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Jon Peck made some great comments on my prior post on passing arguments to the SPSSINC TRANS function. Besides advice on that I should be quoting the argument on the FORMULA statement, he gave examples of how you can use the "TO" argument in both passing variables lists within the python formula and assigning variables to the results. Here is a brief example of their use.

First I will be working with a tiny, toy dataset:

Now here is a command that returns the*second* lowest value in a list. (While there are plenty of things you can do in base code, this python code is very simple compared to what you would have to do in vanilla SPSS to figure this out.) In a nutshell you can specify the variable list on the

In my prior post, I showed how you could do this for the original variables, which would look like

You can also use the

In both the prior examples I omitted the

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#spss

#python

First I will be working with a tiny, toy dataset:

`DATA LIST FREE / X1 TO X4.`

BEGIN DATA

1 2 3 4

5 6 7 8

9 8 7 6

5 4 3 2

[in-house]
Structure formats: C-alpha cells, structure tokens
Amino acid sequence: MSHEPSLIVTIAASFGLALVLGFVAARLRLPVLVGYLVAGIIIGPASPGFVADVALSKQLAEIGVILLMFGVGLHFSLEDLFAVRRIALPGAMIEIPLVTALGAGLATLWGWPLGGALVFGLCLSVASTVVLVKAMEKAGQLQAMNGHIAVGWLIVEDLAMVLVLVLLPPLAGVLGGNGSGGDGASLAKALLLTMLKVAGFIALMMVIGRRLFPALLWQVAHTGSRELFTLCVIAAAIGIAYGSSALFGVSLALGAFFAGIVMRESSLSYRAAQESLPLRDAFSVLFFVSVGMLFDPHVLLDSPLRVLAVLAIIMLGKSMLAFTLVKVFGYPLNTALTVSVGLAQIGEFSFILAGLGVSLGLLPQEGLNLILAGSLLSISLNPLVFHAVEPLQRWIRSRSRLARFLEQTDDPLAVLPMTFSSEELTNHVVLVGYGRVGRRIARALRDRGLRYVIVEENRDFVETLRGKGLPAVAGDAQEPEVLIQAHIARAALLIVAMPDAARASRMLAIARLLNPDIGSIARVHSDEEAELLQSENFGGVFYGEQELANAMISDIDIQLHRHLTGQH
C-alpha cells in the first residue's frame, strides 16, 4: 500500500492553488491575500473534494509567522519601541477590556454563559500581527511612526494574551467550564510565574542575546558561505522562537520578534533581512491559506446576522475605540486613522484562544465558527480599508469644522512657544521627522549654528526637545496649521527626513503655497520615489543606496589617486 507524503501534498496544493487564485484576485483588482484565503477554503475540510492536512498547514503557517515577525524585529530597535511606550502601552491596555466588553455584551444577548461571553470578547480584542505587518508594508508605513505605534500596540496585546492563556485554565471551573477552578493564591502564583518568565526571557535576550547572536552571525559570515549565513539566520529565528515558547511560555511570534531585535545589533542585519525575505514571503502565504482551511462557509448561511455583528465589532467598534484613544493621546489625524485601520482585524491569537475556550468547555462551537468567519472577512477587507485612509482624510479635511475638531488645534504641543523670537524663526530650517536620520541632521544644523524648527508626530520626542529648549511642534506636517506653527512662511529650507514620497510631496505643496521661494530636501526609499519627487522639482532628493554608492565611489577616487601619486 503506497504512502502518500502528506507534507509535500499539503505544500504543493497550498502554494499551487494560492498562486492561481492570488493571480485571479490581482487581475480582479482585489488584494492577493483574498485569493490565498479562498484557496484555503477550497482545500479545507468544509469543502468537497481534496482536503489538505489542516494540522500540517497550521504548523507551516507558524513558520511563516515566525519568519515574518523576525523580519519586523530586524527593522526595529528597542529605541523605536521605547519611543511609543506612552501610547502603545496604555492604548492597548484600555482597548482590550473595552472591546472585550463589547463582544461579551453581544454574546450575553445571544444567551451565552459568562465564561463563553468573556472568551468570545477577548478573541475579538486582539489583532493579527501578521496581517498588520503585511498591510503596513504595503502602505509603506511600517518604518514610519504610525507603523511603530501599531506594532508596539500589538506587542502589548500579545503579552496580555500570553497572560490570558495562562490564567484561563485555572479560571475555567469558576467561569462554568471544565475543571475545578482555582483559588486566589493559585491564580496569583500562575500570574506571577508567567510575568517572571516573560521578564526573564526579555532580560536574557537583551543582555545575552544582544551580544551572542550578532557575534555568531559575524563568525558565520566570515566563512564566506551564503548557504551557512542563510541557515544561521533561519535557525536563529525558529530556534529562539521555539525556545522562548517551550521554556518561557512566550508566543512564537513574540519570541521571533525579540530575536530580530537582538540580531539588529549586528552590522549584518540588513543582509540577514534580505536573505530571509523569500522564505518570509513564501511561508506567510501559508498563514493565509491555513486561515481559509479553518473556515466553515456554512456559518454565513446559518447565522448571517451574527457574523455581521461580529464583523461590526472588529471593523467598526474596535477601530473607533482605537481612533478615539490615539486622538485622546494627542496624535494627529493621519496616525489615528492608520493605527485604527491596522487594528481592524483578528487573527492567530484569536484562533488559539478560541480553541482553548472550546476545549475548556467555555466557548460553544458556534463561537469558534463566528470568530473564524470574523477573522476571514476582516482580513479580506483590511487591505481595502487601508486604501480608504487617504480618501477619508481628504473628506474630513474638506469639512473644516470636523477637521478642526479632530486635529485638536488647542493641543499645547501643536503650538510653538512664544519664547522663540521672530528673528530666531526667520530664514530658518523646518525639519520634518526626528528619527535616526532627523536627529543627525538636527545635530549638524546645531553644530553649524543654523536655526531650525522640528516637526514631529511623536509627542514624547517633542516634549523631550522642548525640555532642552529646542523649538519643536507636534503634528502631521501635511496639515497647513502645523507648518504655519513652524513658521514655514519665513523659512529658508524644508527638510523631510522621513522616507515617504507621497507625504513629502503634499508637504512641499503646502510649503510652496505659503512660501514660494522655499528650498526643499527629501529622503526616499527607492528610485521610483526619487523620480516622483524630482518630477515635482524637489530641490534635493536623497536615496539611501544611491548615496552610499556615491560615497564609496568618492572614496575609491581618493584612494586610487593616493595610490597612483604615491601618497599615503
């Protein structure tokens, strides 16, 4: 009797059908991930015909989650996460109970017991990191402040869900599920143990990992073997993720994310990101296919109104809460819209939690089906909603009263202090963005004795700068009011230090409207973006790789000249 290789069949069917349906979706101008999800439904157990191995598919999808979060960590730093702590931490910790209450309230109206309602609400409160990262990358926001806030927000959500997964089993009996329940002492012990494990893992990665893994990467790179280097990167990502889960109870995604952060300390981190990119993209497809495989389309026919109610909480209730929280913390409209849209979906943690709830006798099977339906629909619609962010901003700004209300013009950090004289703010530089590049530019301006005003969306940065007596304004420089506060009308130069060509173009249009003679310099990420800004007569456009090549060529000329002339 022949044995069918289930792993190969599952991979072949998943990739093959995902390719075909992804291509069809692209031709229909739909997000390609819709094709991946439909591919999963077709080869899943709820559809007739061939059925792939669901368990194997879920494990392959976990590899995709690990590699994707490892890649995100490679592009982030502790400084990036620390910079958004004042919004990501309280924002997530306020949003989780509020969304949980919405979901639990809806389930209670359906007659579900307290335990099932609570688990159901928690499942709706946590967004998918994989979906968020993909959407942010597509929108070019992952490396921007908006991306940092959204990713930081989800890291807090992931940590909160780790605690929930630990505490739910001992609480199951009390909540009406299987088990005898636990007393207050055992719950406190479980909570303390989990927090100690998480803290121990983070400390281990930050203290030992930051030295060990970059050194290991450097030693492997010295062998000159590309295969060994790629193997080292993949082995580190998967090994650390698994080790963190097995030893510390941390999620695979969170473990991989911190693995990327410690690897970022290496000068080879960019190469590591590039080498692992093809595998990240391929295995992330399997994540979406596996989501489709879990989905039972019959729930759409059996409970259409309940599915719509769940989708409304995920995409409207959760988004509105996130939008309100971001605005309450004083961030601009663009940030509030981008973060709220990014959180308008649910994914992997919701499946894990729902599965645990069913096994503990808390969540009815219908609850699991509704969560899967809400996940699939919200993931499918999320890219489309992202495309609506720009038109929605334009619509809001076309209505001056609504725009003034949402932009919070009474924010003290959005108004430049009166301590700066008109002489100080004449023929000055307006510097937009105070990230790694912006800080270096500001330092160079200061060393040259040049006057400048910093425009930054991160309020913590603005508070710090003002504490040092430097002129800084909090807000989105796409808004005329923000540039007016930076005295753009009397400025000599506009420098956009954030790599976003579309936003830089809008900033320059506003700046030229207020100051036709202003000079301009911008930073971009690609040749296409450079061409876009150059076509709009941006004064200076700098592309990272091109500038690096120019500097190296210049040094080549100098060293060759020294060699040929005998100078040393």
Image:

END DATA.

DATASET NAME Test.

Now here is a command that returns the

`/VARIABLE`

subcommand (and mix in `TO`

to specify adjacent variables as in most SPSS commands). And then insert these into the python formula by specifying `<>`

.`SPSSINC TRANS RESULT = Second`

/VARIABLES X1 TO X4

/FORMULA "sorted([<>])[1]".

In my prior post, I showed how you could do this for the original variables, which would look like

`/FORMULA "sorted([X1,X2,X3,X4])[1]"`

. Here you can see I've specified a set of variables on the VARIABLES subcommand, and inserted them into a list using `[<>]`

. Enclosing `<>`

in brackets produces a list in python. I then sort the list and grab the second element (located at 1, since python uses 0 based indices). You can also mix variables in the dataset and the `<>`

listed on the variables subcommand. See here for an example.You can also use the

`TO`

modifier in making a new set of variables. Here I return the sorted variables `X1 TO X4`

as a new set of variables `S1 TO S4`

.`SPSSINC TRANS RESULT = S1 TO S4`

/VARIABLES X1 TO X4

/FORMULA "sorted([<>])".

In both the prior examples I omitted the

`TYPE`

argument, as it defaults to 0 (i.e. a numeric variable returned as a float). But when specifying variable lists of the same type for multiple variables you can simply specify the type one time and the rest of the results are intelligently returned as the same. Here is the same sorted example, except that I return the results each as a string of length 1 as opposed to a numeric value.`SPSSINC TRANS RESULT = A1 TO A4 TYPE = 1`

/VARIABLES X1 TO X4

/FORMULA "map(str, sorted([<>]))".

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Archive User

Sun October 23, 2016 02:43 AM

I appreciate you sharing this article.Really thank you!